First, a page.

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Thai Cat Breed Info: Pictures, Temperament & Traits

Written by: Christian Adams

Last Updated on April 22, 2024 by Catster Editorial Team

Thai Cat laying down on a white background

Thai Cat Breed Info: Pictures, Temperament & Traits

Perhaps you love the colorpoint pattern of the Siamese but would prefer a cat with more rounded edges. You need to meet the Thai cat! This breed is the forefather of the modern Siamese and comes with a colorpointed coat, striking blue eyes, and a vocal nature. But instead of the svelte and angular body shape associated with modern Siamese cats, the Thai cat has a rounded body and distinctive apple-shaped head that gives them the nickname “Applehead.”

Many cat breeders now focus on the Thai cat as a popular alternative to the modern Siamese, and if you genuinely have a desire for a traditional Thai cat that is still bred and loved in Thailand, the Thai cat is the breed for you.

Breed Overview


10–12 inches


8–15 pounds


12–16 years


Colorpoint pattern in a range of different colors

Suitable for:

Families looking for a cat resembling the traditional Siamese shape


Playful, affectionate, loyal, and vocal

In terms of character, they’re incredibly intelligent and vocal and love to spend time hanging out with their families. They might tap you with their paw to get your attention or wait by the door to give you an affectionate greeting when you come home from work after a long day.

We’ll discuss everything you need to know about the graceful and ancient cat.

Thai Cat Characteristics

A high-energy cat needs a lot of physical and mental stimulation to keep healthy and happy, while a low-energy cat needs minimal physical activity, but still needs mental stimulation. When choosing a cat, It’s important to ensure their energy levels match your lifestyle.
Cats that are easy-to-train are more willing and skilled at quickly learning prompts and actions with minimal training. Harder-to-train cats are usually more stubborn or aloof and require a bit more patience and practice.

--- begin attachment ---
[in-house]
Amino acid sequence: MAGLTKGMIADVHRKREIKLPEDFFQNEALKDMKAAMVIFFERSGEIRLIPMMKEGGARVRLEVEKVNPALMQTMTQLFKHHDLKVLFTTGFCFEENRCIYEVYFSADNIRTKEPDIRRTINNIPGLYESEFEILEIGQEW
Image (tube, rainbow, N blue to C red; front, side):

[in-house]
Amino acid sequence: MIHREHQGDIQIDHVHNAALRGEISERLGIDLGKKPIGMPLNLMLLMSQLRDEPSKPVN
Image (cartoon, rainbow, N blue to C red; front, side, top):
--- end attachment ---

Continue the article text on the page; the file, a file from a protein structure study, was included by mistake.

Certain cat breeds are more prone to various genetic health problems, and some more than others. This doesn’t mean that every cat in those breeds will have these issues, but they do have an increased risk, so it’s important to understand and prepare for any additional needs they may require.
Due to their size or potential genetic health issues of a specific breed, some cats have shorter lifespans than others. Proper nutrition, exercise, mental stimulation, and hygiene also play an important role in your cat’s lifespan and quality of life.
Some cat breeds are more social than others, both towards humans and other cats and animals. Cats that are more social have a tendency to rub up on strangers for scratches or jump on laps for cuddles, while cats that are less social shy away, hide, are more cautious, and even potentially aggressive. No matter the breed or gender, it’s important to socialize your cat and expose them to many different situations.

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Thai Cat Kittens

Thai kitten on sofa at home
Image Credit: Pixel-Shot, Shutterstock

Thai cat kittens are born snowy white, and you may be charmed by them before you’ve even decided whether you should bring one home! Adopting a new kitten is a substantial commitment. Besides the initial cost of your new kitten, you’ll have to factor in daily expenses for food, litter, toys, and occasional vet trips.